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October 17, 2017
Andrew de Haan
Andrew de Haan
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Amsterdam , Den Haag , Scheveningen
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Is slow traveling always accessible?

One of the latest trends in tourism is Slow Travel. For most people familiar with this concept, Slow Travel refers to exploring a new destination and taking the time to discover everything it has to offer. However, this new way of traveling needs a more extensive explanation. In this article, we will discuss what slow travel is and how it connects to accessible travel. Furthermore, the slow travel characteristics of our packages and tours will be discussed.

Definition slow tourism

According to various research papers and tourism organizations, slow traveling can be defined as a sustainable form of tourism focused on rediscovering local traditions and cultural knowledge. The potential tourist goes to a destination with the main focus of getting a fully authentic experience while visiting. The visitors are not in a hurry but want to take the time and effort for this experience. Simply put, it’s the complete opposite of the fast-paced tourist willing to only visit the top attractions in the fastest and cheapest ways possible without any regard for local culture.

To be classified as slow tourism, the potential product or service needs certain elements incorporated into it. These components are Cultural, sustainable, slow movement, local gastronomy, peaceful leisure, local accommodation, and services provided in a relaxing atmosphere. Examples of slow tourism are visiting a locally owned vineyard and having a wine tasting. A good case example for Amsterdam is visiting the ‘Brouwerij aan ‘t IJ’. This locally owned brewery is located in one of the last reaming windmills in the city. The company brews various beers in a sustainable way, has a beer tasting room, and offer tours of the brewery and windmill. An authentic experience compared to the fast-paced tour at the Heineken experience.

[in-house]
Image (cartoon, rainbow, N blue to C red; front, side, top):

Connection with Accessible tourism

We are relating accessible travel to slow travel, because of the concept of slow travel, amongst others, concerns a slower pace and more attention for cultural elements during activities. Tour products offered by accessible tourism providers often include enough time to explore a place on a slower pace and with more attention to cultural details. However, the reasons for these similarities are different. Slow tourism focusses on people who want to have an authentic experience while accessible tourism focusses on people with limited mobility (amongst other impairments). Because the accessible travel offer often pays much attention to authentic details, the products offered can be interesting for people with interest for Slow travel as well.